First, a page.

A video of his interview with police was previously played to the court in which he refused to answer questions about his wife's death, citing the legal advice he had received.

Mr Rayney was acquitted of murdering the mother-of-two in 2012 and an appeal was dismissed in 2013.

Prominent barrister Linda Black, who knew the couple, cried on Wednesday as she testified about theories she considered when her friend went missing. She said one theory was Ms Rayney took her own life, but she was a good mother and would not have done that to her children.

"It's horrible reading that now (in my statement) knowing what happened to her," she said.

<a href="">SOURCE</a>

Friday, February 17, 2017

More trouble for Gold Coast police

ONE of the police officers accused of snooping at the personal file of a former bikini model has previously been convicted of the bashing of an elderly homeless man in Brisbane.

Former model-turned justice crusader Renee Eaves last month launched a lawsuit with the District Court of Queensland, amid allegations her personal QPRIME file was accessed 1400 times.

Police officers are only allowed to access the files during the course of work and some have faced disciplinary action or even criminal charges for unauthorised access.

In the lawsuit, Ms Eaves names five individual officers, including Constable Benjamin Arndt, who was convicted over the 2006 bashing of Brisbane homeless man Bruce Rowe.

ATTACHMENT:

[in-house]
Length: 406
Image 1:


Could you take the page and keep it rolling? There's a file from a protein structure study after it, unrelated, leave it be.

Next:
Constable Arndt, who had originally been cleared of any wrongdoing by an internal affairs investigation, was eventually fined $1000 over the assault and lost a subsequent appeal.

Ms Eaves, whose own criminal history contains little more than the odd traffic offence, says she has been forced to move house amid fears hundreds of Queensland police officers had accessed her personal information, including her home address.

She is seeking $400,000 in damages.

<a href="">SOURCE</a>

Thursday, February 16, 2017

Ballarat police officers charged with assault over kicking of drunken colleague

<i>This appears to be the tip of the iceberg at Ballarat.  There have been other accusations of police thuggery there</i>

Two police officers have been charged with assault and stood down from operational duties after a damning IBAC report into an alleged excessive use of force at Ballarat police station.

A drunk off-duty colleague was allegedly stripped, kicked and stomped-on in custody, an Independent Broad-based Anti-Corruption Commission report revealed last year.

An IBAC hearing into police conduct in Ballarat has been shown CCTV footage of the abuse of a female police officer arrested for drunkenness.

Footage shows her drinking from the toilet, allegedly after the officers refused to give her water.

When it released its report in November last year IBAC recommended  police consider whether assault charges should be laid in relation to the incident.

A female leading senior constable has been charged with one count of assault and a male senior constable with two counts of assault, Victoria Police said in a statement released on Thursday.